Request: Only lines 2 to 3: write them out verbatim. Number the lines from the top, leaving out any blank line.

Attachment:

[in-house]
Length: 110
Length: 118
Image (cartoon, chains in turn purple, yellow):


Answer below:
Length: 110
Length: 118